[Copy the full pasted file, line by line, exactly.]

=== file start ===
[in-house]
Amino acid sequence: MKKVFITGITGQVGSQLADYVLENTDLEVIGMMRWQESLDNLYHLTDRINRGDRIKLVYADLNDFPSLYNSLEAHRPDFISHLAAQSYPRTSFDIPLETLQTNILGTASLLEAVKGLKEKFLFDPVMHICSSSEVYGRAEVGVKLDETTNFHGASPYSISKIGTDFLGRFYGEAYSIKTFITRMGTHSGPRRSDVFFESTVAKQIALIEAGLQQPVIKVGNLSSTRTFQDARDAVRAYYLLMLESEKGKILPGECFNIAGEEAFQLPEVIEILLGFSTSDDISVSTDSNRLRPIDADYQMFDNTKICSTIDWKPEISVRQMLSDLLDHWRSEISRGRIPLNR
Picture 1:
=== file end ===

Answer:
[in-house]
Amino acid sequence: MKKVFITGITGQVGSQLADYVLENTDLEVIGMMRWQESLDNLYHLTDRINRGDRIKLVYADLNDFPSLYNSLEAHRPDFISHLAAQSYPRTSFDIPLETLQTNILGTASLLEAVKGLKEKFLFDPVMHICSSSEVYGRAEVGVKLDETTNFHGASPYSISKIGTDFLGRFYGEAYSIKTFITRMGTHSGPRRSDVFFESTVAKQIALIEAGLQQPVIKVGNLSSTRTFQDARDAVRAYYLLMLESEKGKILPGECFNIAGEEAFQLPEVIEILLGFSTSDDISVSTDSNRLRPIDADYQMFDNTKICSTIDWKPEISVRQMLSDLLDHWRSEISRGRIPLNR
Picture 1: